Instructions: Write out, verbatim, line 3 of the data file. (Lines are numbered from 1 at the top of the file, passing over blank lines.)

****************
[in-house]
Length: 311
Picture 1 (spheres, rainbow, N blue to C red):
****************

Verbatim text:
Picture 1 (spheres, rainbow, N blue to C red):